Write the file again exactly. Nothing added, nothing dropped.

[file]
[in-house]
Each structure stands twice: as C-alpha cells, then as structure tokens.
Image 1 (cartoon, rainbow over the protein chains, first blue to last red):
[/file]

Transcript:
[in-house]
Each structure stands twice: as C-alpha cells, then as structure tokens.
Image 1 (cartoon, rainbow over the protein chains, first blue to last red):